America’s only Black-led news channel arrived during February of 2020. Black News Channel founded by J.C. Watts and Bob Brillante debuted as a 24/7 cable channel composed of Black anchors reporting on news from the Black perspective, per CNN. After two years of programming, reaching 33 million households, the news service is expected to cease operations, reported Los Angeles Times.
When BNC made its introduction, their focus was on providing “reliable and accurate nonpartisan coverage” of news but from the Black point of view, per NBC. “We’re not looking to be liberal or conservative.We want to provide a venue for African Americans to have a voice, to be a part of the dialogue that’s going on in the country, be it incarceration reform or impeachment,” said Watts to NPR in 2020.
The Tallahassee-based news channel drew support from not only politicians but also investors. Jacksonville Jaguars owner Shad Khan became the investor who ironically helped jumpstart BNC’s launch and also caused its closure.
More from LA Times:
The Tallahassee, Fla.-based outlet, whose majority stakeholder is Jacksonville Jaguars owner Shad Khan, failed to meet payroll on Friday, a day after telling employees that paychecks would be delayed. An announcement that the company will cease operations, putting its staff of 230 — a vast majority of whom are people of color — out of work, could come later in the day.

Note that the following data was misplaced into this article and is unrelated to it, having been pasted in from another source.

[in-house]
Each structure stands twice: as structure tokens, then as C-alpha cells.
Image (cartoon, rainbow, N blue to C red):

Black News Channel was conceived by a group headed up by former U.S. Rep. J.C. Watts (R-Okla.) and media executive Bob Brilliante. The channel launched after Khan made a $50-million investment in 2019, making him the majority shareholder.
Khan’s failure to meet payroll wasn’t the only challenge BNC saw.
The LA Times reported BNC struggled to generate a significant audience, averaging about 10,000 viewers. Also, their entry into broadcast television was during a time when people were shifting away from watching cable television. Quarantine was right around the corner which spiked the number of Netflix and Hulu viewers. On top of that, they faced a class-action discrimination lawsuit from their former and current women employees who alleged they were paid less than the men at BNC and were called “insufficiently feminine” by managers.
Employees were angered, of course, seeing something with such great potential be shut down so easily, reported LA Times. One of the reasons they came to BNC from the widely known organizations they worked for was so they could report news for people of color.
According to Tallahassee Democrat, the staff received a mass email from CEO Princell Hair who attributed the closure to “challenging market conditions” making them “unable to meet their financial goals.”
“It’s with a broken heart that I am letting you all know that, effective immediately, BNC will cease live production and file for bankruptcy. We are saddened and disappointed by this reality and recognize the stress that this puts on you and your families,” said Hair.